This is the case again for 2022, only the changes ahead are some of the biggest our industry has seen. It's no understatement when we say there's a been a lot for farmers (and advisors) to digest in recent months and there are still some new policy elements to be clarified. 

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Undersowing maize – A demonstration event

Maize is an important crop on many farms across the country, from east to west and increasingly north to south. For those growing it, however, there are some issues which can arise from bare maize stubbles left over winter and it's important to mitigate them. If left, the land can become vulnerable to surface water runoff, soil erosion and nitrate leaching.

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The important role of supplementary feeding

As a nation, I think it's fair to say we are all interested in the well-being of our wildlife, particularly those species which can often be at risk. While looking at some of the more recent bird count results published by the RSPB and the Game and Wildlife Conservation Trust (GWCT), it's clear to see that conservation efforts in the UK are starting to pay back and produce a slow but positive increase in our songbird populations. But the work is far from over.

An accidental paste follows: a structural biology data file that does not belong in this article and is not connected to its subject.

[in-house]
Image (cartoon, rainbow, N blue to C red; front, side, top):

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Getting the best from your fallow

​With more growers now getting involved with Countryside Stewardship, a key option that many are selecting is the AB15 two-year legume fallow. This option is proving to be particularly popular as growers weigh up the pros and cons of various break crops, including oilseed rape.